Soccer? – Medieval stylePosted: July 7, 2013
Have you ever read something that is so shocking, so outside the norm, that your brain can’t process it, forcing you to read it again?
This happened to me yesterday when I read about a soccer match in northern Brazil where a referee for some reason drew a knife and stabbed a player to death. This piece of news is shocking enough, I think, but it gets worse.
Evidently, the spectator crowd then stormed the field, stoned the referee to death and — hold on to your hats here — quartered the referee’s body, decapitated him, and placed his head on a stake in the center of the soccer field.
A video of what appears to be the referee’s body in the morgue can be found on-line, but I strongly advise that you do not seek it out.
Incredibly, the mob then evidently proceeded to stake the referee’s head in the middle of the soccer field.
The referee stabbing the player is, of course, shocking, but the medieval nature of the acts performed by the crowd afterwards is a quantum leap beyond shocking, transcending shocking and going straight for medieval.
Quartering is as medieval as it gets, originating in England during the period of the reign of King Henry III where individuals found guilty of the act of high-treason were hanged, emasculated, disemboweled, beheaded, and quartered, with their body parts being displayed at various locations. Sometimes, to add to the horrific penalty, the evisceration was followed by the burning of the entrails.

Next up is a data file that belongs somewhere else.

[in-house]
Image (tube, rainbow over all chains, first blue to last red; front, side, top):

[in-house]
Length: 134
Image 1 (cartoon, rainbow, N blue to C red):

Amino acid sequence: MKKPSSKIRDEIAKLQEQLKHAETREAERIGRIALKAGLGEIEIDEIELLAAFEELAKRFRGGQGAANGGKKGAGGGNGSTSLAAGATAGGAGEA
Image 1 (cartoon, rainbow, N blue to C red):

With a level of understatement that just may be able to compete with that of Generalleutnant Wilhelm Richter when he wrote about the disposition of the 716th Infantry Division on June 9th, 1944 (read about it here,) the local police chief, Valter Costa, said that the police intended to identify and hold to account anyone involved, and apparently added — and I am not kidding here — that the crime was.. well… a crime under state law.
In Brazil emotions run high when it comes to soccer, sport, and general poverty, and right now with the coming 2014 soccer World Cup and the 2016 Summer Olympic Games being hosted in Brazil with extra-ordinary price tags (read more about the economics of the Olympics in my posting, here,) things are certainly getting heated.
Regardless of national pride and all, I will say that, if Brazil is the kind of country where a spectator risks getting caught up in an act of quartering, then the World Cup and the Olympics probably ought to happen elsewhere. I, for one, am not going.
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